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Pennsylvania Supreme Court issues new congressional map, which could benefit Dems

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Pennsylvania’s high court issued a new congressional district map for the state’s 2018 elections Monday, the latest attempt to carve out voting boundaries in time for the state’s May 15 primary.

The map, approved in a 4-3 decision by the Democratic-majority state Supreme Court, is expected to give Democrats a better shot at winning seats in Philadelphia’s heavily populated and moderate suburbs, where Republicans had held seats in bizarrely contorted districts, including one labeled “Goofy Kicking Donald Duck.”

Republican lawmakers were expected to quickly challenge the map in federal court, arguing that legislatures and governors, not courts, have the constitutional responsibility to draw congressional maps.

Meanwhile, sitting congressmen, dozens of would-be candidates and millions of voters have to sort out which district they live in barely a month before the candidates’ deadline to submit paperwork to run.

Pennsylvania Gov. Tom Wolf, a Democrat, applauded the court’s map, which he described as an “effort to remedy Pennsylvania’s unfair and unequal congressional elections.”

“Over the last month, I have personally heard from thousands of Pennsylvanians and they are sick and tired of gerrymandering, which perpetuates gridlock, alienates citizens and stifles reform,” Wolf said in a statement. “I have stood for fairness and rejected a proposed map that was universally seen as another partisan gerrymander.”

The court ruled last month in a 5-2 party line decision that the district boundaries drafted by the GOP-led legislature unconstitutionally put partisan interests above neutral line-drawing criteria, such as keeping districts compact and eliminating municipal and county divisions.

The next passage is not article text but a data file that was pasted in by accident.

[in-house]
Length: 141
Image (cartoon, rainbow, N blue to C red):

Republicans won 13 of 18 seats in three straight elections under the now-invalidated map, even though Pennsylvania’s statewide elections are often closely divided and registered Democratic voters outnumber Republicans.

The decision is the first time a state court threw out congressional boundaries in a partisan gerrymandering case and handed a victory to the group of registered Democratic voters who sued last June in a lawsuit backed by the League of Women Voters.

Candidates can start circulating petitions to run in their new district in a little over a week, Feb. 27. Pennsylvania has seen a surge in interest in running for Congress with six incumbents elected in 2016 not running again — the most in four decades — and Democrats vehemently opposing President Donald Trump.

The new map will not apply to the March 13 special congressional election in southwestern Pennsylvania’s 18th District between Republican Rick Saccone and Democrat Conor Lamb.

Fox News’ Bill Mears and Michelle Chavez contributed to this report. The Associated Press also contributed to this report.

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'Momentum forward positive' Raab hints at further travel relaxation after US-EU reopening

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DOMINIC Raab hinted a further relaxation to foreign travel will be announced next week following the decision to reopen the borders to double-jabbed US and EU tourists.

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Tory MP says scrapping English Votes for English Laws is about ‘strengthening the Union’

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A TORY MP in Wales has said English Votes for English Laws was used to “reinforce a message with voters that the Union is divided”.

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Civilian deaths, Taliban attacks rising as full U.S. withdrawal from Afghanistan looms, report says

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WASHINGTON — Civilian casualties and Taliban attacks in Afghanistan are mounting as the U.S. withdrawal nears completion and the Afghan military continues its collapse, according to a new quarterly report from a U.S. government watchdog that describes a country ravaged by Covid-19 and violence.